The U.S. received 124,000 H-1B visa petitions, 39,000 more than it can fulfill under two hiring caps, the government said Monday.
The U.S. Citizenship and Immigration Service held a computer-generated lottery on Sunday to distribute the visas, which can be used at the start of fiscal year 2014, beginning Oct. 1. With the lottery, a U.S.-based company that may be seeking only one or two H-1B visas is on the same footing as a large overseas-based offshore outsourcing firm that may have petitioned for thousands of temporary visas.
The U.S. has two caps, a 20,000-cap reserved for advanced-degree graduates of U.S. universities, and another 65,000 cap that includes no restrictions.
Advanced-degree holders who are applying under that exemption have an edge because that lottery is held first. Those not selected became part of the 65,000 limit.
The H-1B visas arrived in a rush. The government began accepting petitions April 1, and announced Friday that it had received enough to meet the cap.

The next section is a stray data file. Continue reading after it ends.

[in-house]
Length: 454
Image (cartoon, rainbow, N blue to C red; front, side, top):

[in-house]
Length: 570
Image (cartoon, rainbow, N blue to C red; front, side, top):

The majority of H-1B visas go to large IT services firms, according to a Computerworld analysis of the data.
Separately, U.S. Sen. Chuck Grassley (R-Iowa) on Monday asked the immigration service (USCIS) to provide a breakdown on the number of women who received H-1B visas.
At a Senate Judiciary Committee hearing last month, of which Grassley is a member, Karen Panetta, a professor of electrical and computer engineering at Tufts University, said that the vast majority of H-1B visas are held by men. She was testifying for the IEEE-USA, where she served as director of the IEEE's Women in Engineering Committee.
The IEEE-USA has filed a Freedom of Information Act request with the USCIS requesting data on the number of women who received H-1B petitions, but has yet to get the data on an individual petition basis.
"Having the data is critical to understanding the problem and finding an answer," Grassley wrote in a letter to Janet Napolitano, the secretary of the Department of Homeland Security, which oversees USCIS. He asking for the data on women going back to 1992.
The last time the U.S. exceeded 85,000 visas within the first week was in 2008, when 163,000 petitions were received.
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